Lotion, however, didn’t seem to be a good fit for this bottle belonging to a typical U.S. Marine in the 1940s. We wondered if perhaps The Campana Company had made hair tonic or another more manly product and had used the same type of bottle.
A check of Wikipedia showed an entry for The Campana Company. There we read that during WWII the company had changed the name of its best-selling lotion. Due to growing anti-Italian sentiment they had changed it from Campana Italian Balm to Campana Balm. From this, we at least knew the lotion was still being made in the 1940s, making it possible that this is what was contained in “our” bottle. But the most surprising Wikipedia statement was this: “Campana Balm was carried by every U.S. soldier and serviceman to prevent or heal burns.” This seemed to indicate that perhaps “our” bottle had contained lotion after all!
But, we couldn’t find any corroboration or reference to back up that sweeping statement – not one reference to U.S. marines or soldiers using this lotion. And it seemed strange that the U.S. Military would not have had its own standard-issue burn cream. Also contributing doubt is the fact that some people vigorously dispute the Earhart/Nikumaroro theory. Somewhat heated discussions can be found online, and some people have strong opinions and theories about what happened to Earhart. It seems possible that someone added this statement to Wikipedia hoping to promote their opinion that the bottle did not contain lotion and belong to Earhart. They may have hoped to offer an alternative theory that the bottle the bottle belonged to a U.S. serviceman instead. But we had our doubts, so we kept researching.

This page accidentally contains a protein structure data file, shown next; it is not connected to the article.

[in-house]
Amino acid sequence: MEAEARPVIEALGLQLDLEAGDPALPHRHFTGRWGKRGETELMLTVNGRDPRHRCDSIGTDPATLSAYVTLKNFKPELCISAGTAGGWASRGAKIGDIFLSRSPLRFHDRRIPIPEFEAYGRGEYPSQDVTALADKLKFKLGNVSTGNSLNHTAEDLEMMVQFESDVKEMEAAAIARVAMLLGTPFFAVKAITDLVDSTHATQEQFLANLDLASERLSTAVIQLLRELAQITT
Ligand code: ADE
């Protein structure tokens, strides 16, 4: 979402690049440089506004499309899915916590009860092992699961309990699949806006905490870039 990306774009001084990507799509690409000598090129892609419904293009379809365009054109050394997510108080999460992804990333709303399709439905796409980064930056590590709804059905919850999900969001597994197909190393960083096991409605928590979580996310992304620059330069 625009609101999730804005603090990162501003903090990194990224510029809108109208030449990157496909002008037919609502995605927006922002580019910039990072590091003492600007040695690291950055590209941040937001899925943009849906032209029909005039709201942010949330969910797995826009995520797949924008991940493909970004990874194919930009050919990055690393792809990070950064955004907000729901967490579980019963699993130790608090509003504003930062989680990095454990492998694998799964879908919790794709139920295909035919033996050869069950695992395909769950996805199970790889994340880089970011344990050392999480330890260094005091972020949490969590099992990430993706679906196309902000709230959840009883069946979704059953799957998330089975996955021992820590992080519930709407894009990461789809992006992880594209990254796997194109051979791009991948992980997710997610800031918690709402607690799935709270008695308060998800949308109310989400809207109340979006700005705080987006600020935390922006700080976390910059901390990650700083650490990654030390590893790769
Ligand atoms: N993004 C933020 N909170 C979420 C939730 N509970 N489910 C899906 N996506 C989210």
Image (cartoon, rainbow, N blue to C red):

We wondered what items a typical WWII Marine’s first aid kit would have contained, and searched for photos and equipment lists online. On the WWII US Medical Research Center website, we found a list and the photo below. This Individual Medical Jungle Kit was available beginning in 1944 and was specific to Marines headed to the Pacific. As such, it contained a critical item not needed in the European theater – insect repellent! And the 2 oz. bottle that held it was the very same design (and in some cases the same bottle patent number) as the one that AJ photographed in the sand!
AJ’s discovery of this bottle proved to be a fun little research project that expanded our minds in several ways.
At this point in time each of us has seen thousands of products and containers, either in person or on TV. In this context, the design in the bottle’s patent application (to the right) looks so simple to us today. It is an elegant reminder that even the most basic items had to be “invented.”
We learned that you can’t believe everything you read on Wikipedia. The comment that every soldier carried Campana Balm appears to us to be unsubstantiated.
And finally we learned that the ocean will never be finished revealing its treasures. All it takes are the right sea conditions and the right diver for another little mystery of the sea to be discovered.
Written by Pauline Fiene. Photos as credited.